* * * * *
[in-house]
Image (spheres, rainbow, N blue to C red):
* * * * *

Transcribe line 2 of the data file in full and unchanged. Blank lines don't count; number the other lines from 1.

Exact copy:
Image (spheres, rainbow, N blue to C red):